Dr. Paul Babyn is the Department Head of Medical Imaging for the Saskatoon Health Region and the University of Saskatchewan. He spoke with the Royal University Hospital Foundation about the Picture This! Campaign, which raised funds for a PET-CT (Positron Emission Tomography-Computer Tomography) in Royal University Hospital.
Why is a PET-CT so important to patients and their families at Royal University Hospital, as well as to the Saskatoon Health Region and the province?
Having a PET-CT allows us to provide the most advanced medical imaging care available in the country to cancer, cardiac and neurology patients, potentially allowing physicians to avoid additional invasive examinations or surgical procedures. Patients can get earlier diagnoses and faster treatments right here at RUH.
How important is PET-CT to attracting talent in the field of nuclear medicine?
Having a PET-CT scanner makes RUH an attractive and preferred location for highly skilled physicians, as well as nuclear medicine radiologists and other staff. In some cases, it is the very reason nuclear medicine physicians have chosen to come and practise here, which means we will always be on the cutting edge of research advancements. That’s critical to clinical care.
How does PET-CT fit with the larger vision for the university, hospital and province?
It recognizes and builds on the legacy of the late Dr. Sylvia Fedoruk. She was a medical physicist and the sole female member of the team that first successfully treated a cancer patient with Cobalt-60 radiation therapy at the U of S in 1951. The Sylvia Fedoruk Canadian Centre for Nuclear Innovation was named in her honour. It and the Saskatchewan Centre for Cyclotron Sciences are part of a larger vision for Saskatchewan to provide excellence in nuclear medicine, research and training.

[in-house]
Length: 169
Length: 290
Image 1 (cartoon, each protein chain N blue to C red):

Dr. Sylvia Fedoruk certainly was a pioneer. How does PET-CT fit with her legacy?
The device and techniques Fedoruk helped develop are still used to this day to treat cancer. Daily, more than 45,000 radiation treatments are delivered in more than 80 countries. According to the Canadian Medical Hall of Fame, her ground-breaking research in cobalt radiation has helped more than 70 million people worldwide. Our goal at RUH is to provide PET-CT services to help thousands of patients right here in Saskatchewan.
Thanks to generous donors, the RUH installed Saskatchewan’s first PET-CT in April 2013, and the first patient was scanned on May 1, 2013. Since then more than 3,500 scans have been performed at RUH, allowing patients to remain in Saskatchewan.
The Saskatchewan Centre for Cyclotron Sciences produced its first radioisotopes on June 24, 2015. The cyclotron will produce radioisotopes for medical PET-CT scans.